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A meatotomy is the splitting the underside of the glans of the penis, to open the urethra further. Most of the time, a meatotomy is performed as a surgical procedure to help alleviate a medical condition, though some men choose to have an elective procedure for aesthetic or sexual purposes. If a type of penile piercing, known as a Prince Albert, is accidentally torn, an unintended split in the glans can result.
Meatal stenosis is a condition that causes a narrowing of the urethra at the end of the penis. This condition is most common in babies whose penises are irritated from urine in their diapers. Though meatal stenosis does not usually cause major complications, it can lead to more difficulty urinating as the child ages. A meatotomy is usually performed to widen the urethra in the case of meatal stenosis or other medical conditions that make it difficult for patients to urinate.
Meatotomies are usually done on an outpatient basis under local anesthesia. The surgeon applies a numbing cream to the end of the penis, covers it with a clear dressing, and makes a small slit in the tip of the penis. The entire procedure usually takes less than an hour.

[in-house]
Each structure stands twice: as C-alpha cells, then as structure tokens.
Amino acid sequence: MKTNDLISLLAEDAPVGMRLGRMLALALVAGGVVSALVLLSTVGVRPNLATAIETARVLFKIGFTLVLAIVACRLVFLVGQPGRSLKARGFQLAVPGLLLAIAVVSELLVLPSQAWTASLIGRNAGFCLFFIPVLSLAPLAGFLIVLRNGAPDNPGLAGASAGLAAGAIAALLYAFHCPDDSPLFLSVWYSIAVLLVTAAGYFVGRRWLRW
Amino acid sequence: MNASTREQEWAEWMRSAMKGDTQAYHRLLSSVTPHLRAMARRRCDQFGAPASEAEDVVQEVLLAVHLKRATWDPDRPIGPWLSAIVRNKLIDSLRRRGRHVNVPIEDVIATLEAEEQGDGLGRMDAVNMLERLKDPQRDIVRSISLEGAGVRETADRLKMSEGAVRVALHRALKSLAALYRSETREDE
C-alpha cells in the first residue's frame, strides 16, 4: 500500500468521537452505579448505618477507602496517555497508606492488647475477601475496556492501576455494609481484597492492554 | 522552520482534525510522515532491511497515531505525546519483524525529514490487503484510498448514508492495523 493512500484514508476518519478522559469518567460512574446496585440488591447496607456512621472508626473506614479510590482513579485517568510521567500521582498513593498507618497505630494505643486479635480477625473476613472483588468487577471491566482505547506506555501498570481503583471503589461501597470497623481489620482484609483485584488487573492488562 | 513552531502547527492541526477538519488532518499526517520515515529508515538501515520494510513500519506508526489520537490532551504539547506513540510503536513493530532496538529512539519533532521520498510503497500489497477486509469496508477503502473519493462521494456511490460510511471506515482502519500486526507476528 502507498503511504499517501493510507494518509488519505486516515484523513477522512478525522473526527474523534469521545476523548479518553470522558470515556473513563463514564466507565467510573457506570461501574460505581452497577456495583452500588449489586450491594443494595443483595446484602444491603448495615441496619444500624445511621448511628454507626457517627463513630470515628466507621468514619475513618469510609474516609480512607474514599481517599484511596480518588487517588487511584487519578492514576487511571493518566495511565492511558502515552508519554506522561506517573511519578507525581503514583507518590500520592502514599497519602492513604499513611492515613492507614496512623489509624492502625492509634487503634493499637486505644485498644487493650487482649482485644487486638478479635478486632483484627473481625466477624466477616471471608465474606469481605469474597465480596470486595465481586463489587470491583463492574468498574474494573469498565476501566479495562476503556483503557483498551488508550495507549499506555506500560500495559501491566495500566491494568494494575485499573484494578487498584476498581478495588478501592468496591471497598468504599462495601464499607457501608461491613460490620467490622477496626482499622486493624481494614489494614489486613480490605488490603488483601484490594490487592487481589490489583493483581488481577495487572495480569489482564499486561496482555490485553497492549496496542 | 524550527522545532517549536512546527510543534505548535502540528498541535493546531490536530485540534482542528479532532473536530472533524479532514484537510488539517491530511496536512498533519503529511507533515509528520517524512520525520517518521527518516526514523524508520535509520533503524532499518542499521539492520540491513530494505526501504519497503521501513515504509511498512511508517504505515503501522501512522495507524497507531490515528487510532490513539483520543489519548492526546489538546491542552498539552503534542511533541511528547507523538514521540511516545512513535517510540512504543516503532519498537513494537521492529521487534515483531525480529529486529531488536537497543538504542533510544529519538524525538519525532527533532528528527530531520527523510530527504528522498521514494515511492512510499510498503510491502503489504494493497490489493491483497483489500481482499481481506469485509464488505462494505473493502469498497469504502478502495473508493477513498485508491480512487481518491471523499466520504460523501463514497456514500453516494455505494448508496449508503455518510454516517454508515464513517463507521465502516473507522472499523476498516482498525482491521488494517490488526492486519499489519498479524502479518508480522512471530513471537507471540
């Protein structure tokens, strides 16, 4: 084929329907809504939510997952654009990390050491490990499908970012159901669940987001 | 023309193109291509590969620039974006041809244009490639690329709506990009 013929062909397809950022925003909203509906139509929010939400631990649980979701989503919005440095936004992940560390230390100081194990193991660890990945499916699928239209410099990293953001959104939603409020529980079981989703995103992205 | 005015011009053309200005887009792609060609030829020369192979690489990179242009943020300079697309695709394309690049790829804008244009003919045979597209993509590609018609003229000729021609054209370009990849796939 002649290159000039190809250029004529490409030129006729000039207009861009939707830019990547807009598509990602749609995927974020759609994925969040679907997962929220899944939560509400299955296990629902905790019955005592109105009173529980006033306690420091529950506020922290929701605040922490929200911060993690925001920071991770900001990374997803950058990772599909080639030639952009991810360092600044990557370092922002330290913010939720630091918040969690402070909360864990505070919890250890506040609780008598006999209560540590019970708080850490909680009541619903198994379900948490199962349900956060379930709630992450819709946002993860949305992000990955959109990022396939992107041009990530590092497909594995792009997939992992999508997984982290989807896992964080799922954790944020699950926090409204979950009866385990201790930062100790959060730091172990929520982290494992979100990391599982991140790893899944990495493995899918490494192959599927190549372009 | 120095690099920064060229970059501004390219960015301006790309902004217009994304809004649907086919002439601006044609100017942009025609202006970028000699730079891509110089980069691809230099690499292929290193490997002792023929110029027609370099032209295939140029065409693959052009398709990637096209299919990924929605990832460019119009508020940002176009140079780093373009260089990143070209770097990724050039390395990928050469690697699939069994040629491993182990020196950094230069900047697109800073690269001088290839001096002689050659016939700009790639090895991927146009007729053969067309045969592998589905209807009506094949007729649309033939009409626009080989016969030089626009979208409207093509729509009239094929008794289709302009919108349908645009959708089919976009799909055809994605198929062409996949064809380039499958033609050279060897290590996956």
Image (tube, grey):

Most patients who have a meatotomy due to a medical condition heal quickly with very few problems or complications. Patients can return to normal activities the day after surgery, in most cases. Slight pain and discomfort after surgery is normal and can be treated with over-the-counter pain relievers. The penis is typically kept uncovered after the procedure, and antibiotic ointment is usually applied inside the incision twice a day for the first two weeks.
Some patients may experience heavy bleeding, swelling, or intense pain following surgery. Though the penis generally heals quickly, patients who experience any of these symptoms should report them to their doctors, or seek medical attention as soon as possible. While a low-grade fever is common following surgery, a high fever or one that persists for more than a day could be a sign of an infection. Pus at the surgical site, and redness near the incision are other signs of infection that should be examined by a doctor.
An accidental meatotomy resulting from a torn piercing or other injury should be examined by a doctor. Surgical intervention is rarely necessary, but patients who accidentally split the tip of the penis may require medical monitoring to prevent infection and further tearing.
Why no mention of circumcision in this article. When that irritation of the penis in the nappy is caused almost always by the protective foreskin having been ripped away (it is fused to the glans at this age) and amputated?